SAS (-15.3%) has been the market leader downwards in Europe this year, as it struggles for traction. So perhaps the only surprise when SAS made a market offering was that it was in fact 23.3% oversubscribed, helping the company raise SKR6 billion before costs. The inevitable effect was to drive the share price down even further, but it does give SAS a small buffer of cash now.
SAS share price: Jan-09 to Apr-09
As Mats Jansson, President and CEO of SAS Group hopefully observed, "we will use the rights issue proceeds to strengthen our capital structure and to facilitate the implementation of Core SAS. After the implementation of Core SAS, we will have a more focused commercial offering, a more cost and decision efficient organisation, and be better positioned for improved profitability and to meet future challenges."
There is perhaps some light at the end of the tunnel for SkyEurope (+13.0%), and it may not be the express train coming in the opposite direction - at least some investors think so. Reporting a small but significant 2.7% load factor improvement in Mar-2009, off a steeply reduced traffic base due to its diminished fleet (pax numbers down 39% for the month, year on year), SkyEurope also announced the arrival of a new CCO.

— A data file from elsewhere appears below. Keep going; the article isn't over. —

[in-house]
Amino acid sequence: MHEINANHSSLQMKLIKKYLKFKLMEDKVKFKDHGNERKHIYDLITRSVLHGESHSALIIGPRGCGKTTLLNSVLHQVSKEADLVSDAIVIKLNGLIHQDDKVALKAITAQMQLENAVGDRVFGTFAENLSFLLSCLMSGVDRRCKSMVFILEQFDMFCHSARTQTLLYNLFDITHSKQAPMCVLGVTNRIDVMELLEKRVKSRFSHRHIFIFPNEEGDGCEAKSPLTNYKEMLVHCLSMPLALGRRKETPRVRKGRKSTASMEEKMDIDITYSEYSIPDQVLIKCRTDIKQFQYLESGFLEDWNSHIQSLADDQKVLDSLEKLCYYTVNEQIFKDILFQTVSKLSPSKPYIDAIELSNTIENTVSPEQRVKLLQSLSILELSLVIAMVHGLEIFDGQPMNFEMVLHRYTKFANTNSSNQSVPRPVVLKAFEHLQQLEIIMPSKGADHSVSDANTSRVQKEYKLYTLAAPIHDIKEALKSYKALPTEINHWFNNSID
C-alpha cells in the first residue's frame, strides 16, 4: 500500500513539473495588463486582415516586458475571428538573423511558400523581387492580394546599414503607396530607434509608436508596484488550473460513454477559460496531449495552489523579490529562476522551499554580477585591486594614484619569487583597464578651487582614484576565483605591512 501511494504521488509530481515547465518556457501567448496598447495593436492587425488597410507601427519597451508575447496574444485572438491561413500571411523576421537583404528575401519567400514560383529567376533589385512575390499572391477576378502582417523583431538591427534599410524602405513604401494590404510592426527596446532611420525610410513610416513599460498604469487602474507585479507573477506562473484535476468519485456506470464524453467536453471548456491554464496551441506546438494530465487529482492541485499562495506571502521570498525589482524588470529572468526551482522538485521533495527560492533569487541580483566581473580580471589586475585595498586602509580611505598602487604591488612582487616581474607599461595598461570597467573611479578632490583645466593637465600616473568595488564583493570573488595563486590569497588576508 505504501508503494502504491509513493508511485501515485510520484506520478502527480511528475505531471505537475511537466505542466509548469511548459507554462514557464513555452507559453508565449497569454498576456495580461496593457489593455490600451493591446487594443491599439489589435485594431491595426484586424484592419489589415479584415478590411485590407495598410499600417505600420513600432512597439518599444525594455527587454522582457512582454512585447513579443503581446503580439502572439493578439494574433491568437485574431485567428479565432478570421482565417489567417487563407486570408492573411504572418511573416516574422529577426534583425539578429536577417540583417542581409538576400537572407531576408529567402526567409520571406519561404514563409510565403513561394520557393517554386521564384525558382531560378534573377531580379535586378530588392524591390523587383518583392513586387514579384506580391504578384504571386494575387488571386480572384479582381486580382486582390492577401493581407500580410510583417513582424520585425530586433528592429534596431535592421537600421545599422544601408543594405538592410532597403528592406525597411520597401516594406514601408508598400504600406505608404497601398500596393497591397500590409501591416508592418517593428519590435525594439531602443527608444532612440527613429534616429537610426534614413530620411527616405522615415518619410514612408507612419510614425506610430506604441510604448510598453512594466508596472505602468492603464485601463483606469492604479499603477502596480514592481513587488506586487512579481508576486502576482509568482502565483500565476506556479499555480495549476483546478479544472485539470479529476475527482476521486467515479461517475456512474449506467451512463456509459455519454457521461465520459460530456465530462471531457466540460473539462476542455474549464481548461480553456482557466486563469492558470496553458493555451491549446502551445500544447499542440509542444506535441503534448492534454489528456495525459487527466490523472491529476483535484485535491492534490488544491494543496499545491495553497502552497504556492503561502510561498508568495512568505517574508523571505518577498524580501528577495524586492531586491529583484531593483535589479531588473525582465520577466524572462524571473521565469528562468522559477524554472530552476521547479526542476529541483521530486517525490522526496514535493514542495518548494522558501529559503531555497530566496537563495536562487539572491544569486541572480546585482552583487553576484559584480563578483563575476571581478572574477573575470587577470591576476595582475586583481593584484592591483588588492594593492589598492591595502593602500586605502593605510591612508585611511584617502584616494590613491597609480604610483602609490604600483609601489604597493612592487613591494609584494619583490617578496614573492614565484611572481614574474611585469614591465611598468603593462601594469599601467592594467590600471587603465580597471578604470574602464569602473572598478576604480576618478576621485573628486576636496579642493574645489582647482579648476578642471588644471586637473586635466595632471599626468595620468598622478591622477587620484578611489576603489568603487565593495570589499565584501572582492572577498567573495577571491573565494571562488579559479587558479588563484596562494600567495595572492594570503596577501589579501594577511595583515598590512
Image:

It doesn't take much to move a share price which has sunk as low as SkyEurope's, but there are still clearly some buyers out there who see there may now be some upside. The carrier is offering a large array of cheap fares over Easter, which should bolster its cash flow, as well as giving management a good idea of how things will go from here.
Meanwhile, in a market now almost immune to bad news, Air France-KLM shares (+5.1%) rose yesterday after earlier reporting ugly Mar-2009 results. Despite carrying 9.8% less passengers in the month (admittedly against a month last year that included Easter), at a 5.5% lower load factor, the airline's decline "was accompanied by a significant deterioration in unit revenues."
European selected airlines daily share price movements (% change): 08-Apr-09